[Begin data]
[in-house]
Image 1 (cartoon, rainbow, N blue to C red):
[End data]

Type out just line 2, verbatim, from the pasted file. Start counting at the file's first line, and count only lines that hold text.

Image 1 (cartoon, rainbow, N blue to C red):